An oft-overlooked icon on Michigan's athletic campus, Ferry Field, gets a nice article by Gregg Krupa in today's Detroit News. As the article notes, Michigan won six of its eleven national titles at Ferry Field or the nearby Regents Field. Yost helped build Michigan football into the monster it is at Ferry Field, and it remains a beautiful and understated track facility.
But I'll gladly allow that a Buckeye achieved the greatest individual fame at Ferry Field. Jesse Owens, running for OSU, set or tied four world records there on May 25, 1935:
100 yd dash - 9.4 Sec
Long Jump - 26'8.25" (record stood for over two decades)
220 yd dash - 20.3 Sec
200 yd low hurdles - 22.6 Sec
Owens is in a rare group of OSU athletes I can't even bring myself to dislike, what with the showing Hitler up stuff and all. (Other candidates are Jack Nicklaus, Archie Griffin and Chris Spielman.) Owens suffered indignities in the U.S. like many other black athletes, including not being allowed to live on OSU's campus despite being their biggest celebrity.
It used to blow my mind when I was at Michigan that I could run on the same track as Owens - a feeling reminiscent of standing at the Lincoln Memorial on the spot where MLK told us all of his dream. If you're lucky enough to be in or near Ann Arbor, you owe it to yourself to take a run there.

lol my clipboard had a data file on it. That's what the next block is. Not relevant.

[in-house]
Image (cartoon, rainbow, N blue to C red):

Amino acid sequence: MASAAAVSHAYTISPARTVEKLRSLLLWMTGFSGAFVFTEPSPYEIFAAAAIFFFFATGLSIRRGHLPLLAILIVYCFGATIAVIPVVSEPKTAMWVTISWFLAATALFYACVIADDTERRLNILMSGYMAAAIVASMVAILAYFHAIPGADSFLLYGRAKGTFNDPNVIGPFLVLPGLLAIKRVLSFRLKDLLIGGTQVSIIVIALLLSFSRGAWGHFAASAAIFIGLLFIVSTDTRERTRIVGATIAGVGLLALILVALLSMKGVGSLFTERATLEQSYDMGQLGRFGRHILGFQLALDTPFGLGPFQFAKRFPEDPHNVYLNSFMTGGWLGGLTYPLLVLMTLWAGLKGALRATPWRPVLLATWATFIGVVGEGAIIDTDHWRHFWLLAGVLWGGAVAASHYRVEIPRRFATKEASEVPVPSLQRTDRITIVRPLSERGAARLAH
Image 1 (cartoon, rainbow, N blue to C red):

And, oh yeah, the infield. Some other stuff took place there too. Yost's and Oosterbaan's teams, including Harry Kipke, Benny Friedman, and others ran the college football world for years on that hallowed ground. All before crowds that ultimately required a larger stadium that you probably know a little about.
In the article Dr. Robert Soderstram notes that many landmarks from that time still remain, and you can mentally orient yourself pretty easily with current landmarks:
“It still, basically, remains where it always was,” Soderstrom said of Ferry Field. “In fact, the flag pole that is there is still where the flagpole was when Michigan played there,” he said
“The track is essentially the same. “Where the great big I.M. (Intramural Sports) Building is now is where the north stands were. And they had a cement stand, it was a permanent stand that was on the south side where you now see the small stands they use for track meets and stuff. “But at that time they had a pretty fair-sized cement stand that probably sat 10 to 15 thousand people,” Soderstram said. “Yost could squeeze 45,000 people in there.”
Ferry Field remains an understated gem (although it's been several years since I've been able to run there), and can transport a person back in time in the midst of a bustling campus. So of course Dave Brandon was proposing going all Big Yellow Taxi on the spot and putting in a parking lot - a plan that fortunately never got legs.
The entire article, although a touch alarmist*, is worth a gander - http://www.detroitnews.com/story/sports/2017/07/04/ferry-field-jesse-owens-university-michigan-historic-um-football/103428396/
*The headline is that the "Future of UM's Historic Ferry Field Uncertain", but the article notes at the outset that there is no current plan to tear the place down.